Hostage (2005)Reviewed By Jay Seaver
Posted 04/03/05 19:06:07
I'm getting old. That's the only way I can explain it. I have lived sufficiently long that when confronted by a movie like Hostage, I don't find the action much fun any more. I look at it and think putting kids in danger is kind of tacky. I just generally do and think all sorts of generally old-fartsy things.As formula thrillers go, Hostage isn't bad at all, I guess. It's got a snazzy title sequence, slick production values, and a star in Bruce Willis who is more than capable of elevating standard material. It needs another star, though - there's no bad guy who seems worthy of pulling Willis's strings. Indeed, the next-biggest star (Kevin Pollack) spends most of the movie unconscious. It means that a thriller that should be a game of cat and mouse is short a small mammal, someone who seems like a legit threat to beat Willis's character, at least within a movie.
The structure will seem familiar early. Jeff Talley (Willis) is L.A.'s top hostage negotiator, but after a disastrous standoff that leaves the shooter's wife and son dead, he takes a job as the chief of police in a small, low-crime community. His wife tries to be understanding, but his daughter hates it. Soon, though, a group of teens stage a home invasion, knocking out the single father who may have a less-than-reputable source of income (Pollack), and when the police respond to the burglar alarm, they take the kids hostage - and just by coincidence, the girl is the same age as Talley's daughter, while the boy is the same age as the kid killed in the opening segment. Talley turns it over to the state police, but when the father's employers kidnap Talley's family, he's forced to re-insert himself into the situation.
Thrillers don't necessarily need a strong villain, but having one can't hurt. The hostage-taking kids don't qualify; in order of descending threateningness, they're a nasty but not terribly bright sociopath in training (Ben Foster), a not terribly bright punk kid (Jonathan Tucker), and his not terribly bright or particularly enthused about causing trouble little brother (Marshall Allman). Though the mountain house they're occupying is a veritable fortress, they're not going to present much of a challenge; they can't even be bothered to actually watch their hostages most of the time. So it's almost a relief when the mob guys show up; they at least might have some brains. Unfortunately, methodical as they are, they don't really have much in terms of means of keeping an eye on Talley, and it's kind of frustrating that doesn't do more to counter them while they're not looking. They're also faceless and lacking any sort of charisma; even if they're got the resources to win this game, the audience is never really that worried, because they don't rank near Willis on the Hollywood pecking order.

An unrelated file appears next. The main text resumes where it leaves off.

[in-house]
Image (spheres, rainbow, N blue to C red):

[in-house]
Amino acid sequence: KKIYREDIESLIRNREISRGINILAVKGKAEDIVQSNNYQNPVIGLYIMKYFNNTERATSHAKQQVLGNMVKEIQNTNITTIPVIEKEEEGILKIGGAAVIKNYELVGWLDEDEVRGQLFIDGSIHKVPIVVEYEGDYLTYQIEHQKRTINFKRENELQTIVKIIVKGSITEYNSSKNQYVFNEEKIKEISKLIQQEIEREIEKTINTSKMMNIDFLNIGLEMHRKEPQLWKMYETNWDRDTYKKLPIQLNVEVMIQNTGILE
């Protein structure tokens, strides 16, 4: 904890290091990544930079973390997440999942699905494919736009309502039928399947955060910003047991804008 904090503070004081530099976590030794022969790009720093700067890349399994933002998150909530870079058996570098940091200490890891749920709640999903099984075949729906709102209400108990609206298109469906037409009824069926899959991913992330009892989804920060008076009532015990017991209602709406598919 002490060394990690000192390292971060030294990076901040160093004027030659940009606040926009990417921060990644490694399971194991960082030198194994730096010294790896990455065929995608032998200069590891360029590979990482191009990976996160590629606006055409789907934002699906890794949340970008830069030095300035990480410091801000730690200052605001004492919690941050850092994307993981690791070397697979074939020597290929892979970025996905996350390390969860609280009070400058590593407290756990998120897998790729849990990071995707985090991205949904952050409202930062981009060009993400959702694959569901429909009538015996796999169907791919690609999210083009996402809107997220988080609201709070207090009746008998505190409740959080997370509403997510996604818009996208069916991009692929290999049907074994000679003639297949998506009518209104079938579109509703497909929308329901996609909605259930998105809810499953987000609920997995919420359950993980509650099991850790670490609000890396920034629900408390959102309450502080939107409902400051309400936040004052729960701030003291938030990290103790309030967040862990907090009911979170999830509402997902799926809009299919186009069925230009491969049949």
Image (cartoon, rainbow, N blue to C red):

(I know we're not supposed to think about such things, but we do. You pay your $7.50, you notice whose name comes before the title and whose names come after it, and you know that one movie star can only be defeated by another.)
Though the villains aren't terribly competent, the filmmakers not involved in writing those villains, by and large, are. Sure, they go for the cheap "well, you know they're evil because they hurt a cute dog" moment, but they do build a nice set piece or two. Scenes meant to be suspenseful generally are, though they could have been more so if every character's IQ was increased by ten points or so.
The writing just tends to stink. I was all set to give it credit early on when Pollack's character gets pistol-whipped and the movie portrays it as an actual serious head injury. That's the last bit of flirting with credibility that the movie will undertake, unfortunately. There's a lot of stupid to be done after that, from apparently indestructible villains, nebbishy civilians (with serious head injuries) successfully engaging in gunplay, and the aforementioned bizarre plans. Talley doesn't disobey the folks who've taken his family hostage in little ways they won't detect that may gain him an advantage, but when in big ways that they'll be able to see on TV. It's irritating.
The cast is OK. Bruce Willis doesn't give his full "good script and director who's not going to settle for half-assed" best, but he doesn't mail it in, either. He's got a good moment of looking pained as he asks a ten year old kid to do something dangerous, and I wish we'd seen more of that from him. Ben Foster gives decent psycho, and Jimmy Bennett manages to sell his hyper-competent kid.
Director Florent Emilio Siri (whose credits mostly seem to be videogame cut scenes) handles the choreography well enough, but he misses the fun. Sure, it's a grim situation, but it's not thrilling like a thriller should be. The hairs on the back of my neck never stand up. He can't convince us to move up in our seats a little because we're thinking ooh, that's a clever move; I wonder what Bruce/the faceless bad guys will do to counter it.It's not a bad movie; the filmmakers don't actually screw up an inherently suspenseful situation. Neither, however, do they grab us and create the burning need to see what's going to happen next.
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